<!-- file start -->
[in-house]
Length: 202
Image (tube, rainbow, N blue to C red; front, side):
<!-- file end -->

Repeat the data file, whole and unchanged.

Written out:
[in-house]
Length: 202
Image (tube, rainbow, N blue to C red; front, side):